I am superficial. I know that looks matter - when it comes to our community's appearance, that is.
Editor, I'm appalled - to say the least - at the extravagant salary paid to Liberty County School System Superintendent Dr. Valya Lee.
I'm not sure how many wilderness survival shows there are on television right now, but it appears there is some kind of obsession going on with this type of programming. And they are running the gamut from being naked in the wild to being fat in the wild. That's right, there's a show now titled "Fat Guys in The Woods." Fortunately, they keep their britches on.
• President Ronald Reagan, Jan. 30, 1984: "Exports create and sustain jobs for millions of American workers and contribute to the growth and strength of the United States economy. The Export-Import Bank contributes in a significant way to our nation's export sales."
Editor, The following is an open letter on sequestration to Senate Majority Leader Harry Reid, D-Nevada, from retired U.S. Army Gen. Gordon R. Sullivan, head of the Association of the United States Army:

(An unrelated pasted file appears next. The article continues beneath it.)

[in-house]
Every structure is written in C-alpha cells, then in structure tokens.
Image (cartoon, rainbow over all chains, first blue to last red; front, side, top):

Some of my favorite Norman Rockwell prints all have something to do with eating, but not for the reasons you might think.
Remember the story of "The Little Engine That Could"? That could well describe the city of Dalton, a town of some 34,000 nestled in the corner of northwest Georgia, not far from the Tennessee line.
In an article that appeared in the Feb. 20, 2013 edition of the Coastal Courier, the Liberty County commissioners blamed Midway for delaying the fire plan, but never addressed or discussed why the city opted out of the county fire plan.
Lately, I've been thinking about the treasure trove that can be found in life's challenging times - the wisdom, the victories, the emotional muscle built and, of course, the stories. As those who know me well often say with a smile, "It's always about the story with her."
This weekend, Keep Liberty Beautiful will host two Native Plant Awareness Giveaway Days to encourage the use of native plants and other great growers in our community.
I realize, perhaps better than anyone, that it's not polite to ask others about their reproductive plans. I've long ranted about how much it annoyed me when friends, family members and even perfect strangers would inquire about a possible plunge into parenthood. Even now, as most of my readers know, I get aggravated when people ask whether my 2-year-old daughter, Reese, will ever be a sister.